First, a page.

Unwanted or deleterious cell death via apoptosis occurs, for example, in the aftermath of ischemia and in Alzheimer's disease. Unwanted apoptosis is extremely harmful, causing extensive tissue damage.

Types of necrosis that may be prevented and/or treated by the methods described herein include but are not limited to:

Aseptic necrosis is necrosis without infection, usually in the head of the femur after traumatic hip dislocation.

Acute tubular necrosis refers to acute renal failure with mild to severe damage or necrosis of tubule cells, usually secondary to either nephrotoxicity, ischemia after major surgery, trauma (crush syndrome), severe hypovolemia, sepsis, or burns.

Avascular necrosis is the consequence of temporary or permanent cessation of blood flow to the bones. The absence of blood causes the bone tissue to die, resulting in fracture or collapse of the entire bone.

Balser's fatty necrosis is gangrenous pancreatitis with omental bursitis and disseminated patches of necrosis of fatty tissues.

Bridging necrosis is necrosis of the septa of confluent necrosis bridging adjacent central veins of hepatic lobules and portal triads characteristic of subacute hepatic necrosis.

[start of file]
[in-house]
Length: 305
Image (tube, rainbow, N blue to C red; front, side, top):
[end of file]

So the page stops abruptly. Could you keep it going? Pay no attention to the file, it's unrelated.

Caseous or “cheesy” necrosis is necrosis in which the tissue is soft, dry, and cottage cheese-like, most often seen in tuberculosis and syphilis; in contrast to moist necrosis in which the dead tissue is wet and soft.

Central necrosis is necrosis affecting the central portion of an affected bone, cell or lobule of the liver.

Coagulation necrosis refers to necrosis of a portion of an organ or tissue, with formation of fibrous infarcts, the protoplasm of the cells becoming fixed and opaque by coagulation of the protein elements, the cellular outline persisting for a long time.

Colliquative or liquefaction necrosis is that in which the necrotic material becomes softened and liquefied.

Contraction band necrosis refers to a cardiac lesion characterized by hypercontracted myofibrils and contraction bands, and mitochondrial damage caused by calcium influx into dying cells resulting in arrest of the cells in the contracted state.

Fat necrosis is that in which the neutral fats in adipose tissue are broken down into fatty acids and glycerol, usually affecting the pancreas and peripancreatic fat in acute hemorrhagic pancreatitis.